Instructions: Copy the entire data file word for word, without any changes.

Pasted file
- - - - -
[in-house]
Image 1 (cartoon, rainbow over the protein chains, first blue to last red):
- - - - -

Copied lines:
[in-house]
Image 1 (cartoon, rainbow over the protein chains, first blue to last red):